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9 Things All 30-something Gamers Can Relate To

9 Things All 30-something Gamers Can Relate To

I am an aberration. Have been for most of my life. It wasn’t always this way.

I was the third child, a female, with two older brothers, and being a bit of a tomboy was probably somewhat predictable. But when the Atari 2600 came into our house, life as I knew it changed. For those who are not 30-somethings like me, it’s important to understand that the world of gaming became a “guy thing” from that point on. But that “guy thing” became “my thing” too, and today, as an avid female gamer, I still get weird looks and comments. No matter. But for all of you 30-something gamers out there, here are nine things we can all relate to.

1. We Don’t Abide Online Walkthroughs and Cheats

Having begun our gaming “careers” with the Atari and graduating to more sophisticated systems, even though they were still offline, we understand the sense of accomplishment of beating an opponent who sat next us. We didn’t have cheat sheets — it was all on us, baby. Too many gamers today just don’t have perseverance. The minute they run into trouble, they’re off to YouTube for the walkthroughs that some more advanced gamer is making money on.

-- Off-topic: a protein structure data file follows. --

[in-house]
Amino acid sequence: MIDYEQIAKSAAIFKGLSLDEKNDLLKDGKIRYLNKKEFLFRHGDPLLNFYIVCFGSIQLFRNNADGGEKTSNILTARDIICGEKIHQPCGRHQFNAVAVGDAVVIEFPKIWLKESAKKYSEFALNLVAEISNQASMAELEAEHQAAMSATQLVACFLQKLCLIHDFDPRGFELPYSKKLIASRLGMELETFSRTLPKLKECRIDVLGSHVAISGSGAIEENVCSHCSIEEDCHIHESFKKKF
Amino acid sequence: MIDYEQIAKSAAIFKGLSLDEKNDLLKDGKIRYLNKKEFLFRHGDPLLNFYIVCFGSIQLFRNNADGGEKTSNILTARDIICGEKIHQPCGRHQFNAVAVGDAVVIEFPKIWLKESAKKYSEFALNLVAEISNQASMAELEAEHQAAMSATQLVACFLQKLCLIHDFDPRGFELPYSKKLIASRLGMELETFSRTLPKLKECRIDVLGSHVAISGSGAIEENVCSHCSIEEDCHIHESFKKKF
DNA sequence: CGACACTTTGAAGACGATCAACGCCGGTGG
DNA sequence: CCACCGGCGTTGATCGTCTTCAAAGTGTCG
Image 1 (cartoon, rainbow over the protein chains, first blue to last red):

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Where’s the challenge in that? Where’s the sense of accomplishment when the next level is reached all on your own? You cheated, so your accomplishment means nothing. We veterans, who grew up doing it all on our own, still do it that way — even if we are lying awake at night with unfinished puzzles in our heads and ruminating about different strategies to get to the next level. Get a clue — gaming is not supposed to be easy.

2. Joystick Envy: It Was a Real Thing

The original “joystick” was a computer keyboard. But as the gaming industry grew, of course, that had to change. We became airline pilots with sticks that could move in four directions and control where people, cars, and other figures moved around on the screen. It was great fun, and we thought gaming had reached a great pinnacle. Now we had a joystick and a couple of buttons — what more could we want?